I am Andrew Ryan, and I am here to ask you a question. Is a man not entitled to the sweat of his brow? “No!” says the man in Washington, “it belongs to the poor.” “No!” says the man in the Vatican, “it belongs to God.” “No!” says the man in Moscow, “it belongs to everyone.” I rejected these answers; instead, I chose something different. I chose the impossible. I chose Rapture! A city where the artist would not fear the censor; where the scientist would not be bound by petty morality; where the great would not be constrained by the small! And with the sweat of your brow, Rapture can become your city as well.

            This line of thinking goes hand in hand with the thinking behind Atlas Shrugged, by Ayn Rand. In Atlas Shrugged, Rand, a Russian-American philosopher and novelist, fictionalized her philosophical idea, objectivism. Objectivism holds that reality exists independent of consciousness, and that man has direct contact with reality through sense perception, meaning that one can attain objective knowledge from perception through the process of concept formation and logic. Objectivism also holds that one’s only moral purpose in life is the pursuit of one’s own happiness. In other words, the sweat of my brow belongs to me. And through everyone’s individual sweat, and of course raw capitalism, society will prosper. (Rand)

            As Ryan delivers his moving, and emotionally driven speech, the screen lifts, and the player is treated to the beautiful sight of Rapture. Rising from the ocean floor is an actual city, complete with high-rise buildings, and florescent lighting. The art deco facades and the classic 50’s Hollywood America themes are truly breath taking.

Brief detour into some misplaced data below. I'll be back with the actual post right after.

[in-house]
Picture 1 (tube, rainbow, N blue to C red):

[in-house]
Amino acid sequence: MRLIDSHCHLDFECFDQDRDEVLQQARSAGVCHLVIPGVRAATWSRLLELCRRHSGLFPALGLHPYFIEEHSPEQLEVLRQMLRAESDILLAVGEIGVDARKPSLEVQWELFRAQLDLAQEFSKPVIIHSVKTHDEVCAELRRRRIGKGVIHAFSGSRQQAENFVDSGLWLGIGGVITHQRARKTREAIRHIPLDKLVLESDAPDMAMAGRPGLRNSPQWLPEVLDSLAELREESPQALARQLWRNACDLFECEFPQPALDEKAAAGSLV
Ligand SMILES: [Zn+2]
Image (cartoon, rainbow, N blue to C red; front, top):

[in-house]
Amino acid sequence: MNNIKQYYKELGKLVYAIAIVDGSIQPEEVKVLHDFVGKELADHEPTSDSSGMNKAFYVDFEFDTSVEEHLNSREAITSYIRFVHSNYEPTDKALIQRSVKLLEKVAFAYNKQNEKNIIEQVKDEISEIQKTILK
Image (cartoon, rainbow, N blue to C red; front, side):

After the bathysphere docks, the radio suddenly comes to life. On the other end is an Irishman named Atlas. He asks Jack, “would you kindly pick up the radio?”  He tells him that Rapture has gone bad. That it has been ravaged by a civil war between Ryan and a man named Frank Fontaine. He uses the radio to guide Jack to safety. Ryan, believing Jack to be an agent of a surface government, uses Rapture’s auto-mated systems and some pheromone controlled splicers (genetically mutated humans that serve as the players main enemy throughout the game) to try to kill him.

            Throughout the game Atlas is there. He serves as the player’s principle source of information in the game world, often disseminating scenes before or after they happen, and providing tips along the way. He says that his wife and children are hiding in a submarine somewhere in the city, and he wants you to help him rescue them.

            Atlas is a distortion. Through scenes later in the game, it is revealed that Atlas is actually Frank Fontaine, and that Jack is actually Ryan’s illegitimate son, born two years ago and genetically modified to mature rapidly.